Further north and east in the Bay Area Megaregion – what I like to envision as the “Bay-Delta Supercounty’ – JUMP has the monopoly bike share program in the Sacramento area, so for now all bike share up here has an 18 year-old min. age limit. (A reminder: There are no age minimums for Type 1 e-bikes in California.) It’s bad enough that the kids here in Davis – where I am on the transportation commission – has probably some of the most experienced cyclists of their age in the country as bicycle modal share use is higher than anywhere else in the country – cannot use the system, at least officially: What this means is that parents with good credit risk it to let their kids use the system against company rules. My guess it that parents with not as good credit won’t take as many risks… and that has disproportionate effects on people with economic challenges and black and brown folks in the area. Here in Davis a kid can drive to high school and park for free but can’t pay to ride bike share to the same destination.
My response is a fun one: I am trying to see if any age minimum for bike share here – the bikes are designed for people five feet tall and up – is a violation of Federal Law: The Age Discrimination Act of 1975 precludes a system that discriminates based on age from receives Federal funding. SACOG, the regional agency responsible for transportation, uses it to administrate bike share.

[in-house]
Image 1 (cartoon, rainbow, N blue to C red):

All of this ageism that runs counter to the mobility policy of Oakland and many other cities and regions – and might run foul of Federal law in certain places – is largely the result of bike share not being part of the Commons in nearly all USA cities (Los Angeles Metro is an exception, as they run their own bike share system). “Commons” means the opposite of what is said in the user agreements for all these bike share – and scooter share* – operations: That these are not “common carriers”, with no general obligations to the public. We don’t run our buses and subways like that… why do we do it with micro-mobility sharing?
* California law allows use of an e-scooter at age 16, just with a learner’s permit; the operators all have an min. 18 limit.
Looks like Lyft’s generosity might be motivated by trying to deflect a more costly ride-hail tax which they pushed against https://www.theguardian.com/technology/2019/feb/13/lyft-oakland-donald-uber-ride-hailing-tax